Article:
So try everything, play everything, practice everything.
I do it in a real lazy way with a total i don't give a crap
attitude myself. But that's just how I roll. It works best for
me that way because then my mind is more attuned to discovery.
It's a kind of an exploration process. Constantly searching, but not
necessarilly working myself to a frazzle.I think if I was too dsiciplined,
then my mind might miss certain things and not spot their usefulness.
So the gain isn't always instantaneous. The light bulb doesn't always come on
right on cue. Wait, what was the question?


You know, I'd actually agree with you. I'm very, very much the same way. People always say this whole thing about if you wanna be good you have to knuckle down and practice rigidly 24/7, but I find I learn much quicker by taking it at my own lazy pace.
Thanks for the info dude, good to see I'm not the only one! :lol:


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PostPosted: Mon May 25, 2009 2:26 pm 
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I feel that provided the foundation is correct, practise makes perfect.

Let's face it though. Guitar players are doing more in this generation than ever before. Technique & effects wise. Multi tapping all over the neck wasn't around in Buddy Holly's day. I'm not sure how old ring modulation is either but that's of recent times to.

First ring modulation? "Voice of the Daleks in the television series Doctor Who, starting in 1963."

History of tapping....(Needs some elaboration)
http://en.wikipedia.org/wiki/Tapping


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PostPosted: Mon May 25, 2009 8:50 pm 
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Quote:
Multi tapping all over the neck wasn't around in Buddy Holly's day.


And that's a good thing I think.
It gives us something else to listen to
and be inspired by, so that we don't all
end up doing all of the same things
and approaching music the same exact way
all the time. And there's alot of stuff inbetween
Buddy Holly and the stuff happening today
so we can all go in alot of different directions. I mean
there's alot available. We don't all have to all make
music with the exact same cookie cutter approach.
There's nothing wrong with being a slowhand or
a fasthand or a moderate-hand. As long as it
sounds good then who cares. Good singers
have value too, and I don't think alot of them
are able to sing over alot metal or guitar music where
the guitar is setting the finger speed record
all the time, at every opportunity.
It might happen sometimes, but it shouldn't
be EXPECTED every time. It's just unrealistic.
Which is something that alot of teenagers
probably aren't really thinking about. We
all want the most slamming music all the time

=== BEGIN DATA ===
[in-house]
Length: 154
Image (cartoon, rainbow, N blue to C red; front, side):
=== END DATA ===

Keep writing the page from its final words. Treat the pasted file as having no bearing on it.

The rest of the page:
when we're younger, but miss alot of cool
stuff because of that hot rod gunslinger attitude.
Mellow can be damn cool too. Variety rules.
Cookie cutters don't really cut it. It's like
too much of one spice. It spoils the whole meal.


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PostPosted: Sat May 30, 2009 2:37 pm 
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what_a_cool_username wrote:
burnt out wrote:
I'm a believer in trying/playing/practicing all sorts of everything,
and I believe that eventually you will be able to utilize it in
some way, whether it's tomarrow, or at some later time down
the road into the future. You might revisit a concept or technique
down the road a year or ten later and then unlock it' usefulness.
So try everything, play everything, practice everything.
I do it in a real lazy way with a total i don't give a crap
attitude myself. But that's just how I roll. It works best for
me that way because then my mind is more attuned to discovery.
It's a kind of an exploration process. Constantly searching, but not
necessarilly working myself to a frazzle.I think if I was too dsiciplined,
then my mind might miss certain things and not spot their usefulness.
So the gain isn't always instantaneous. The light bulb doesn't always come on
right on cue. Wait, what was the question?


You know, I'd actually agree with you. I'm very, very much the same way. People always say this whole thing about if you wanna be good you have to knuckle down and practice rigidly 24/7, but I find I learn much quicker by taking it at my own lazy pace.
Thanks for the info dude, good to see I'm not the only one! :lol:


It all snowballs.
And then once you have a snowball you can keep rolling it in the snow and it just gets bigger and bigger.
You start with nothing, but eventually you can build a snowman.

Or a guitar man... :guitar

Hmmm...I think I'm gonna build one of those next winter...


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PostPosted: Mon Jun 08, 2009 10:23 pm 
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Playing them in isolation is one thing. Playing them in a song is another & then playing them live is another.

I surpose it's a build up of building blocks.


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PostPosted: Thu Jun 18, 2009 12:19 pm 
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What sort of lesson would anyone find handy on this topic?